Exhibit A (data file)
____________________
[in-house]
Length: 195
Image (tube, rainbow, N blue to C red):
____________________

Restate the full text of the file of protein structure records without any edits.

[in-house]
Length: 195
Image (tube, rainbow, N blue to C red):